This painting by the German artist, George Kenner, who was interned at Alexandra Place, shows how the theatre was used as a chapel in WWI.
The BBC returned to broadcasting at the Palace after World War Two, at which point the theatre disappeared from public view and was used rather less glamorously as a props store. And then, once the Beeb moved out, it slowly but surely fell into dereliction.
And that’s how it still feels now after its expensive face lift.
The architects’ challenge was to create a 21st Century space not envisaged by its 19th Century designers.
It wears its troubled past on the ghostly remains of once gilded walls, and in the nooks and crannies where the ancient wiring is still clearly visible. The suspended lath and plaster ceiling hangs high above looking like a terrible accident about to happen.
But it won’t.
Even after extensive repairs to the roof structure, the suspended ceiling looks deceptively precarious
The whole distressed jeans look, is just that: a look. It’s authentic and all that, but behind the outward appearance of decay is some very expensive 21st Century engineering and design. The entire floor has been lifted, reinforced, repositioned, and then re-laid. That ominous floating ceiling has been thoroughly overhauled, with steel structures replacing the rotten old wooden pieces.
New flexible seating has been installed, while the unusually set-back balcony has been remodelled to ensure uninterrupted sightlines.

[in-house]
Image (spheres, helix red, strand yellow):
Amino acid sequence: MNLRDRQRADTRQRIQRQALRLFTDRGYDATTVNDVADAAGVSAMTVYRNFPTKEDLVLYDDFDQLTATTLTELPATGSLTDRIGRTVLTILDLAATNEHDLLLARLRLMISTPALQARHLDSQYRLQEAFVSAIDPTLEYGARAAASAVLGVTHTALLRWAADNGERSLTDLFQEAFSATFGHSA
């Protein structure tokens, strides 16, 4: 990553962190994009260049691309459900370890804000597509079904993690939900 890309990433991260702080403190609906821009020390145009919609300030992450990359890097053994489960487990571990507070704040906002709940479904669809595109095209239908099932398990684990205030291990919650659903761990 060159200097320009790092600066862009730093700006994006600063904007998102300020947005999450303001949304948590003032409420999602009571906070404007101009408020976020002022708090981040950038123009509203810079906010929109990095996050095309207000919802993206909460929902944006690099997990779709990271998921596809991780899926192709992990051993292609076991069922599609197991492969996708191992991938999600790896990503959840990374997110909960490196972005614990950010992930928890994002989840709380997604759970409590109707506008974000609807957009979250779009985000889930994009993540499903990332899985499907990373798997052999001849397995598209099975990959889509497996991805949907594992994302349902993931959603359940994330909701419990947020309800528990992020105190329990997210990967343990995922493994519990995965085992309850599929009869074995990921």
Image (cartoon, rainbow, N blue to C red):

In short, Alexandra Palace Theatre is shabby chic taken to an entirely new level.
And it is fantastic.
I can’t think of another auditorium that has quite the same sense of voluminous space between stage and audience.
There is an aircraft hangar-like quality to it – you can imagine clouds forming in the upper atmosphere above the proscenium arch. And yet it has a sense of warmth and intimacy that you find in a much smaller venue. Emma Dagnes and her team have done an excellent job (caveat: I’m not a civil engineer and am assuming from what I have been told that everything has been completed to the highest of standards).
There is one small problem, though.
And that is the theatre’s past.
We have established it has a rich and varied history, but it is worth noting that it has never really succeeded as a theatre. Many good men and women have come to Ally Pally and given it their best shot and been beaten.
It opened to much fanfare but soon the audiences tailed off as the lure of the West End proved too intoxicating for the locals. By 1906 it had been turned into a cinema.
But a lot has changed in the 80 years the theatre has been mothballed, not least London’s population and its residents’ insatiable appetite for live events.
It should be OK, but theatre folk are a superstitious lot – and that blighted past the building so assertively promotes could yet come back to haunt it. Let’s hope not – it is wonderful to see such a splendid theatre up and running and serving the public once more.
Welcome back Ally Pally.
Source: BBC News